An all-star game?

8th Jun 2020

Sarah Husslein suggests it might have been, had the Applicant taken the offensive. O/110/20, ALL STARS (Opposition), UK IPO, 20th February 2020.

All star

In this decision, the Hearing Officer of the UK IPO (HO) found that the application for ALL STARS should be refused under s5(2)(b) of the Trade Marks Act 1994 (the Act).

All star
The application

Background

On 23rd March 2018, Samera Hussain (the Applicant) filed an application to register the ALL STARS figurative mark in respect of “services for providing food and drink; restaurant, bar and catering services” in class 43 (the Application).

All Star Leisure Group Ltd (the Opponent) filed an opposition, alleging a likelihood of confusion with its UK and EU trade mark registrations for figurative marks covering various recreational services in class 41 and/or services for providing food and drink in class 43 (the Earlier Marks). The Applicant denied the Opponent’s claims. However, while all the Earlier Marks had been registered for more than five years and were therefore subject to a use requirement, the Applicant did not put the Opponent to proof of use. Neither party filed evidence or requested a hearing, but the Opponent filed submissions instead.

Comparison

All star
Earlier mark

The HO focused on the general public and worked on the basis that consumers are likely to select the services via visual means, having seen the mark at the venue, via the internet or through advertisements. However, while confirming that the selection process will be primarily visual, the HO felt that aural considerations cannot be entirely ignored, notably relating to word-of-mouth recommendations.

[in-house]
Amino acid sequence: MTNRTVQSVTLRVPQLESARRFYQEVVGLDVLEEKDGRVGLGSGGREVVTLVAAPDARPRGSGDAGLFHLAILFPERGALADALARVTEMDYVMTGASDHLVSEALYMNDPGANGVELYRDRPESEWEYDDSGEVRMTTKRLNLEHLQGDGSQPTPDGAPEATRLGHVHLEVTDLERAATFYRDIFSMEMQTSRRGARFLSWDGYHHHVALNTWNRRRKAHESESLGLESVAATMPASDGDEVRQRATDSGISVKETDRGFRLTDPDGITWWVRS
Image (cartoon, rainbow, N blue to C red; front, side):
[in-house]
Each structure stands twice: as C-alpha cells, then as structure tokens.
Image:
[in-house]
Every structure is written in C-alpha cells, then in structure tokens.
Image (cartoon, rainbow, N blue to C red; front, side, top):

The HO considered the services to be identical, either because they use the same wording in their respective specifications or because they fall within the broad category of services covered by the other side’s mark.

All star
Earlier mark

Turning to the comparison of the marks, the HO found the words ALL STAR to be dominant in the Earlier Marks due to their size and position within the marks. The other elements would play a lesser role in the overall impression because they either describe the nature of the services or are merely decorative. The same reasoning was applied to the Application. The HO confirmed that the inherent distinctiveness of the Opponent’s Earlier Marks is average.

Next, the HO confirmed a medium-to-high visual similarity between the marks, as they are dominated by the words ALL STAR(S) on a circular background. The HO denied the Applicant’s argument that the colour combination used in its Application would help in distinguishing the marks. Indeed, despite being registered in black and white, the Opponent’s Earlier Marks could be used in any colour combination, including the same ones as the Applicant’s. Likewise, the aural similarities lie in the identical words ALL STAR(S). Finally, the HO considered the conceptual similarity to be high, as the words ALL STAR(S) would be viewed in the context of American culture, describing a group of people excelling within their particular field.

All star
Earlier mark

Overall, the HO found that the Application could be mistaken for the Earlier Marks, leading to a likelihood of confusion. Therefore, the opposition succeeded under s5(2)(b) of the Act, and the Application was refused registration.

An important request

It is not surprising that the HO found in favour of the Opponent here. Ultimately, this decision is a reminder that requesting proof of use from an opponent can be a good defence and could change the outcome of an opposition.

Key points

  • It is likely that services for providing food and drink will be selected by visual means
  • The HO found a likelihood of confusion on the part of the relevant public, so the opposition succeeded under s5(2)(b) of the Trade Marks Act 1994
  • Requesting proof of use from the opponent constitutes an important defence and may well have changed the outcome of these proceedings

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